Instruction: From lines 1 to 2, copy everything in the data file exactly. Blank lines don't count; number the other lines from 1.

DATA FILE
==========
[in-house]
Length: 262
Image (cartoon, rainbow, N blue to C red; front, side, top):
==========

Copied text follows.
[in-house]
Length: 262